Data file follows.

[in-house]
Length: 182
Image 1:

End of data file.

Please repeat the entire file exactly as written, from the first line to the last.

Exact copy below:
[in-house]
Length: 182
Image 1: